May 25, 2017

Will repeal of federal safe harbors be the death knell of Illinois’ Secure Choice Savings Program?

On May 17, 2017, President Trump signed legislation removing protections for state-run private sector retirement plans and IRAs.

Such action repealed an August 2016 Department of Labor (DOL) regulation that exempted from the Employee Retirement Income Security Act (ERISA) state-administered IRAs that cover private sector employees.

Opponents of the safe harbor regulation argued that exempting these state-run “plans” from ERISA, and the plan participant protections that ERISA provides, was not in the best interest of plan participants. Many feared that if the safe harbor regulation had been enforced, employers who currently sponsor qualified plans or were considering adopting a qualified plan might be tempted to terminate or forego such plans, and, instead offer the state-run IRAs. By doing so, the employer sponsors would no longer be subject to the rules and fiduciary liabilities imposed by ERISA. Finally, such safe harbors were viewed as being contrary to the DOL’s fiduciary rule that is effective June 9, 2017.

In contrast, supporters of reinstating the safe harbor exemption argue that such safe harbors are needed to provide retirement income to the millions of Americans who otherwise will rely solely on Social Security benefits. Supporters believe that such safe harbors are needed to protect employers in the states which have established or will be establishing state-run plans. Illinois is one such state.

The Illinois Secure Choice Savings Program Act (Secure Choice), scheduled to become effective in 2018, applies to Illinois businesses which:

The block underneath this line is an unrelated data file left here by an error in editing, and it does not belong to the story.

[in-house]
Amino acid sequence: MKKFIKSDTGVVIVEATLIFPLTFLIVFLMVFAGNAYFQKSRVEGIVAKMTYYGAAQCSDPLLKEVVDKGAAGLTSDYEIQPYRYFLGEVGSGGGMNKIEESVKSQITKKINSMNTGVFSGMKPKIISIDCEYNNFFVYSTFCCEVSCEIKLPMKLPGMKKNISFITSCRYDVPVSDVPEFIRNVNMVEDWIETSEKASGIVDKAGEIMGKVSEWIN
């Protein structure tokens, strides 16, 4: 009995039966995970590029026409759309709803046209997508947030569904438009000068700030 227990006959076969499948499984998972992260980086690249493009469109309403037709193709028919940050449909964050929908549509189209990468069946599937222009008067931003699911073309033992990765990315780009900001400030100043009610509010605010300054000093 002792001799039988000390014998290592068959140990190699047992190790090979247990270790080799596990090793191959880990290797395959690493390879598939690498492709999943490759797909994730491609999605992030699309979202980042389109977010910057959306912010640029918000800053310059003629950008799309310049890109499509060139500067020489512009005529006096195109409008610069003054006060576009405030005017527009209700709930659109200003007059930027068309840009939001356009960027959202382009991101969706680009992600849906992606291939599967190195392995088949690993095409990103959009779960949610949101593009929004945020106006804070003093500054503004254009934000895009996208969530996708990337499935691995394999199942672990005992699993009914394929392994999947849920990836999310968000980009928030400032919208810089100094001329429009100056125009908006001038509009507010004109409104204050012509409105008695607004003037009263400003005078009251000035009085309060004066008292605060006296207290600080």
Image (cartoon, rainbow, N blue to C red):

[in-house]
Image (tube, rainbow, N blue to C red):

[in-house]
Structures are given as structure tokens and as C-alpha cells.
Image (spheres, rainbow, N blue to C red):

• have been in business for at least two (2) years;
  • employ at least twenty-five (25) employees; and
  • do not currently provide a qualified retirement plan.

Secure Choice requires such employers to automatically enroll their employees in a state-administered Roth IRA and to withhold three percent from the pay of any employee who fails to make an election. Unless otherwise invested by the employee, the withheld wages will be invested in a default target-date fund. The primary launch of Secure Choice is planned to take place in 2018 and will be administered by the Illinois State Treasurer’s office.

Despite the repeal of these safe harbor protections for employers, Illinois’ Treasurer Michael Frerichs issued a statement on May 3, 2017, that “the Illinois Secure Choice Program will go forward.”

So, if you have been in business in Illinois for at least two years, employ at least 25 individuals, and do not have a qualified plan, now is the time to learn more about Secure Choice.

Or, if you wish to avoid having to participate in a Secure Choice IRA, contact the tax and employee benefits attorneys at Chuhak & Tecson to learn about adopting a qualified plan. 

This Chuhak & Tecson, P.C. communication is intended only to provide information regarding developments in the law and information of general interest. It is not intended to constitute advice regarding legal problems and should not be relied upon as such.

Client alert authored by: Patricia Cadagin O'Brien, Principal

This alert originally appeared in the May 2017 Employment Focus newsletter.